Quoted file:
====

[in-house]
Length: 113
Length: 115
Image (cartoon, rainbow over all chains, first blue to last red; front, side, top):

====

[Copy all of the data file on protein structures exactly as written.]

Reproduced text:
[in-house]
Length: 113
Length: 115
Image (cartoon, rainbow over all chains, first blue to last red; front, side, top):